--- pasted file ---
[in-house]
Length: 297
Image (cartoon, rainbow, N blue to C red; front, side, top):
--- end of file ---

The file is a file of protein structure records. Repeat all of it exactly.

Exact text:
[in-house]
Length: 297
Image (cartoon, rainbow, N blue to C red; front, side, top):